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Clean Cooking In a small village in rural Kenya, a woman bent over an open fire pit in the center of her hut cooking the evening meal. That morning, she had spent two hours collecting wood, animal dung, and scrap paper to use as fuel. Now, as she stirred the pot, the cook fire gave off a steady stream of sooty, acrid smoke, which filled the room despite a ventilation hole in the roof. The woman’s young son played dangerously close to the open flame, while her daughter, coughing from the smoke, tried to read by the weak light of the fire. In 2012, a similar scene was repeated in more than 600 million households every day across the developing world, with devastating effects on human health, the environment, and economic development. Indoor air pollution from open cookstoves is a killer. The World Health Organization has estimated that soot, particles, and smoke from cooking is the fifth worst risk factor for health in developing countries, causing two million premature deaths a year from lung and heart disease—more than malaria and tuberculosis combined. Open cookstoves also lead to disfiguring burns, asthma, eye damage, and pregnancy complications. The effects are greatest on women and young children, who spend the most time near the hearth. Women and girls also suffer from head and back injuries, animal attacks, and sexual violence while searching for and carrying heavy loads of fuel, often far from home. Time spent collecting fuel is time not spent attending school, working at a paid job, or running a small business. Primitive cooking methods also harm the environment. Cutting trees to produce wood or charcoal leads to deforestation, loss of biodiversity, and watershed degradation. Moreover, the combustion of biomass in cooking produces more than a quarter of the world’s black carbon, or soot. Scientists now believe that soot is second only to carbon dioxide in its overall contribution to global warming. Policymakers have been intrigued by the fact that while carbon dioxide stays in the atmosphere for decades, black carbon washes out within days or weeks. Reducing soot in the atmosphere would thus have a much more immediate effect on global warming than cutting carbon emissions. In 2010, the United Nations Foundation, in collaboration with several governments (including the United States), launched the Global Alliance for Clean Cookstoves, with the ambitious goal of “100 by 20”—that 100 million households worldwide adopt clean and efficient cookstoves and fuels by 2020. The alliance recognized that reaching this goal would require more than money; it would require technical innovation in fuels and stove design, new mechanisms of financing, and on-the-ground campaigns to engage users from a wide range of cultures and cooking traditions. It would also require the support of businesses—large and small. One company that saw an opportunity in the Global Alliance for Clean Cookstoves was Dow Corning. In 2011, the Midland, Michigan–based maker of silicon-based materials donated $5 million over five years to support the alliance. The firm had first become interested in the issue when its volunteer Citizen Service Corps participated in a clean cookstove project in Bangalore, India. Dow Corning believed that not only its money, but also its expertise in manufacturing and material science could be of value to the initiative. At the same time, motivated by greater attention to the issue, social entrepreneurs across the globe began generating innovative ideas about how to design, manufacture, and finance more efficient and cleaner cookstoves—potentially a “win–win” for the environment and human health and well-being. For example, in the west African country of Ghana, Suraj Wahab founded a small business, Toyola Energy Ltd., to produce a cookstove he invented called the gyapa (“good fire”). His company constructed the stove from locally sourced materials—scrap metal from construction sites and fired clay liners. Because it was designed to burn charcoal, a fuel used by 30 percent of Ghanaian households, twice as efficiently as in an open fire, each stove over the course of its life would prevent the release of global-warming emissions equivalent to the amount generated by a Honda Civic driven for one year. Wahab had difficulty obtaining needed capital until he partnered with E Co, a clean energy nonprofit that invested $270,000. E Co helped Toyola calculate the carbon offset value of its cookstoves, which was then monetized and sold to the investment banking firm Goldman Sachs. By 2011, Toyola employed 150 people and had sold more than 150,000 cookstoves to eager Ghanaians, who welcomed the cost savings and health benefits they provided. More than a quarter of the company’s revenue came from the sale of carbon offsets, helping keep the price to consumers as low as $7. Similar stories of creative partnerships were occurring around the globe. In Bangladesh, Grameen Shakti—part of the Grameen family of microcredit organizations founded by Nobel Peace Prize laureate Mohammed Yunus—launched a program to spread improved cookstoves in rural areas. Grameen Shakti provided technical assistance and loans to entrepreneurs—many of them women—to set up small businesses to make, repair, and market cleaner-burning stoves. The nonprofit Trees, Water, & People, based in Fort Collins, Colorado, built and distributed almost 50,000 cookstoves in Guatemala. Their stove was an insulated metal box topped by a removable cooking surface adapted to cooking tortillas and a chimney pipe to vent smoke through a roof hole. Increased fuel efficiency saved families about ten dollars a month, in a society in which 80 percent of the population lived on two dollars a day or less. Other organizations, such as Solar Cookers International, experimented with ways to harness the power of the sun—a completely renewable, clean, and free source of energy— to boil water and cook food. Contributions like these moved the Alliance closer to its ambitious goal. “As we build a cookstoves market to the scale necessary to combat and defeat this silent killer,” said its executive director in 2011, “the strong support and unique expertise of our partners and champions will be invaluable.” Discussion Questions 1. In what ways would the widespread adoption of clean cookstoves address the global environmental issues discussed in this chapter? 2. In what ways would the widespread adoption of clean cookstoves address the issues of economic development and poverty discussed in this chapter? 3. Which sectors (e.g., government, business, civil society) would need to be involved in a successful campaign to promote clean cookstoves in the developing world, and what would be the contributions of each? 4. What would be the benefit to multinational corporations, such as Dow Corning, of participating in this effort?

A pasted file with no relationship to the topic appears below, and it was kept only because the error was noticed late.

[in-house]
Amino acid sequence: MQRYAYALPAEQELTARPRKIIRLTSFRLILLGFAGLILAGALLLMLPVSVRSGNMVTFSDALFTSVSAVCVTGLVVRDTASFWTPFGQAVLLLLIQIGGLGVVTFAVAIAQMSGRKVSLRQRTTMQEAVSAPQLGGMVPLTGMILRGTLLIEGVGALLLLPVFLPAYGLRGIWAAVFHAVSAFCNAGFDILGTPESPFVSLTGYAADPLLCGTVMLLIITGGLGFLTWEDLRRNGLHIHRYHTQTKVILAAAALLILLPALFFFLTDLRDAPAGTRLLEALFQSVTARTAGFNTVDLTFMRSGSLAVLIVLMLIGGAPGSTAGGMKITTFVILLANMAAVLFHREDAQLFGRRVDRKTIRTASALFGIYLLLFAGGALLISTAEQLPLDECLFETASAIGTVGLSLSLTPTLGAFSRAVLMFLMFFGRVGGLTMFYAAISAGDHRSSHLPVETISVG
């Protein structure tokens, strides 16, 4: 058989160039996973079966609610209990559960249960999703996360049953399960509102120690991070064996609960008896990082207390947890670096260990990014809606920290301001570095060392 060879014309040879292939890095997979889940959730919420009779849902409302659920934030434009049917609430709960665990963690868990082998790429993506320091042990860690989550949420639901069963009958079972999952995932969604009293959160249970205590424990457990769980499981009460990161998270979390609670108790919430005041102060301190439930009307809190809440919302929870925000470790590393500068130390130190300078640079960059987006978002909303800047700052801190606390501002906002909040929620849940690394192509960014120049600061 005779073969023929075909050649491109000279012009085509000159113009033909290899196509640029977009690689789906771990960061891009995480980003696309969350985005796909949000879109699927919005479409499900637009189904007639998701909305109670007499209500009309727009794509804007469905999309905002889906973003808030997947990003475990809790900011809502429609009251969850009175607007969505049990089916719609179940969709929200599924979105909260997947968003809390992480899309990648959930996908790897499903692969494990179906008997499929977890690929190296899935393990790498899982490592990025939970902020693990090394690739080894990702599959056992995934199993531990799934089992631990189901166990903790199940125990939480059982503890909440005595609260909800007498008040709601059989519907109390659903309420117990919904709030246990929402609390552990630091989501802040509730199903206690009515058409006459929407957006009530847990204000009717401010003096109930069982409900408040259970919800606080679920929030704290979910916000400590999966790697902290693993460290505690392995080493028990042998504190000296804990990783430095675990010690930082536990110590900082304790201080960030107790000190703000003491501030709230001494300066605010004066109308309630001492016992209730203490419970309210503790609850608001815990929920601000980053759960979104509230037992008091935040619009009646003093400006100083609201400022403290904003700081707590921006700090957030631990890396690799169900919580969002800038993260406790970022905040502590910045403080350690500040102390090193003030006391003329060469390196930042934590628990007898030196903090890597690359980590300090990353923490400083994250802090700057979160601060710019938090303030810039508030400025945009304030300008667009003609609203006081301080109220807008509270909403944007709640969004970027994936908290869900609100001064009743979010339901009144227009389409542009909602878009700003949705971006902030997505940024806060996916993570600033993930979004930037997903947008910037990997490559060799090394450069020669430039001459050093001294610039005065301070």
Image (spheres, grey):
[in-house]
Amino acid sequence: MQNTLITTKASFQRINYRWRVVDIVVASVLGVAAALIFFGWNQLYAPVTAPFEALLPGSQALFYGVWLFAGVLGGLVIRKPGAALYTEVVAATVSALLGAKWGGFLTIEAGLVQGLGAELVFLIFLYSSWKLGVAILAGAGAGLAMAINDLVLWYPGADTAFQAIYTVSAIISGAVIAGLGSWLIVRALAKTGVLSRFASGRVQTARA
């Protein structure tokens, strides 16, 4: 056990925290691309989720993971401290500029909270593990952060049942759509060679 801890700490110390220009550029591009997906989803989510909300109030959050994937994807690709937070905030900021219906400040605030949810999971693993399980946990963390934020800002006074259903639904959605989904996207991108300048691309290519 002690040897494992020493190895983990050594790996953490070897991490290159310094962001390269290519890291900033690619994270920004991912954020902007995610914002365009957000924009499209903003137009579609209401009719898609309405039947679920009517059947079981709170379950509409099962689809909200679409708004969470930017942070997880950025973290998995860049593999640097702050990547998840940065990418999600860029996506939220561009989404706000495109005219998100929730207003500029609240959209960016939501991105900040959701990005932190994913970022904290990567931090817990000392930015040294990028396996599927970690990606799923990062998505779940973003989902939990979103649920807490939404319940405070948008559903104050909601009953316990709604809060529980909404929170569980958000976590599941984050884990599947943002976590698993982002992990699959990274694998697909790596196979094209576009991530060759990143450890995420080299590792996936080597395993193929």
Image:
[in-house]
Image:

Clean Cooking In a small village in rural Kenya, a woman bent over an open fire pit in the center of her hut cooking the evening meal. That morning, she had spent two hours collecting wood, animal dung, and scrap paper to use as fuel. Now, as she stirred the pot, the cook fire gave off a steady stream of sooty, acrid smoke, which filled the room despite a ventilation hole in the roof. The woman’s young son played dangerously close to the open flame, while her daughter, coughing from the smoke, tried to read by the weak light of the fire. In 2012, a similar scene was repeated in more than 600 million households every day across the developing world, with devastating effects on human health, the environment, and economic development. Indoor air pollution from open cookstoves is a killer. The World Health Organization has estimated that soot, particles, and smoke from cooking is the fifth worst risk factor for health in developing countries, causing two million premature deaths a year from lung and heart disease—more than malaria and tuberculosis combined. Open cookstoves also lead to disfiguring burns, asthma, eye damage, and pregnancy complications. The effects are greatest on women and young children, who spend the most time near the hearth. Women and girls also suffer from head and back injuries, animal attacks, and sexual violence while searching for and carrying heavy loads of fuel, often far from home. Time spent collecting fuel is time not spent attending school, working at a paid job, or running a small business. Primitive cooking methods also harm the environment. Cutting trees to produce wood or charcoal leads to deforestation, loss of biodiversity, and watershed degradation. Moreover, the combustion of biomass in cooking produces more than a quarter of the world’s black carbon, or soot. Scientists now believe that soot is second only to carbon dioxide in its overall contribution to global warming. Policymakers have been intrigued by the fact that while carbon dioxide stays in the atmosphere for decades, black carbon washes out within days or weeks. Reducing soot in the atmosphere would thus have a much more immediate effect on global warming than cutting carbon emissions. In 2010, the United Nations Foundation, in collaboration with several governments (including the United States), launched the Global Alliance for Clean Cookstoves, with the ambitious goal of “100 by 20”—that 100 million households worldwide adopt clean and efficient cookstoves and fuels by 2020. The alliance recognized that reaching this goal would require more than money; it would require technical innovation in fuels and stove design, new mechanisms of financing, and on-the-ground campaigns to engage users from a wide range of cultures and cooking traditions. It would also require the support of businesses—large and small. One company that saw an opportunity in the Global Alliance for Clean Cookstoves was Dow Corning. In 2011, the Midland, Michigan–based maker of silicon-based materials donated $5 million over five years to support the alliance. The firm had first become interested in the issue when its volunteer Citizen Service Corps participated in a clean cookstove project in Bangalore, India. Dow Corning believed that not only its money, but also its expertise in manufacturing and material science could be of value to the initiative. At the same time, motivated by greater attention to the issue, social entrepreneurs across the globe began generating innovative ideas about how to design, manufacture, and finance more efficient and cleaner cookstoves—potentially a “win–win” for the environment and human health and well-being. For example, in the west African country of Ghana, Suraj Wahab founded a small business, Toyola Energy Ltd., to produce a cookstove he invented called the gyapa (“good fire”). His company constructed the stove from locally sourced materials—scrap metal  from construction sites and fired clay liners. Because it was designed to burn charcoal, a fuel used by 30 percent of Ghanaian households, twice as efficiently as in an open fire, each stove over the course of its life would prevent the release of global-warming emissions equivalent to the amount generated by a Honda Civic driven for one year. Wahab had difficulty obtaining needed capital until he partnered with E Co, a clean energy nonprofit that invested $270,000. E Co helped Toyola calculate the carbon offset value of its cookstoves, which was then monetized and sold to the investment banking firm Goldman Sachs. By 2011, Toyola employed 150 people and had sold more than 150,000 cookstoves to eager Ghanaians, who welcomed the cost savings and health benefits they provided. More than a quarter of the company’s revenue came from the sale of carbon offsets, helping keep the price to consumers as low as $7. Similar stories of creative partnerships were occurring around the globe. In Bangladesh, Grameen Shakti—part of the Grameen family of microcredit organizations founded by Nobel Peace Prize laureate Mohammed Yunus—launched a program to spread improved cookstoves in rural areas. Grameen Shakti provided technical assistance and loans to entrepreneurs—many of them women—to set up small businesses to make, repair, and market cleaner-burning stoves. The nonprofit Trees, Water, & People, based in Fort Collins, Colorado, built and distributed almost 50,000 cookstoves in Guatemala. Their stove was an insulated metal box topped by a removable cooking surface adapted to cooking tortillas and a chimney pipe to vent smoke through a roof hole. Increased fuel efficiency saved families about ten dollars a month, in a society in which 80 percent of the population lived on two dollars a day or less. Other organizations, such as Solar Cookers International, experimented with ways to harness the power of the sun—a completely renewable, clean, and free source of energy— to boil water and cook food. Contributions like these moved the Alliance closer to its ambitious goal. “As we build a cookstoves market to the scale necessary to combat and defeat this silent killer,” said its executive director in 2011, “the strong support and unique expertise of our partners and champions will be invaluable.”

Discussion Questions

1. In what ways would the widespread adoption of clean cookstoves address the global environmental issues discussed in this chapter?

2. In what ways would the widespread adoption of clean cookstoves address the issues of economic development and poverty discussed in this chapter?

3. Which sectors (e.g., government, business, civil society) would need to be involved in a successful campaign to promote clean cookstoves in the developing world, and what would be the contributions of each?

4. What would be the benefit to multinational corporations, such as Dow Corning, of participating in this effort?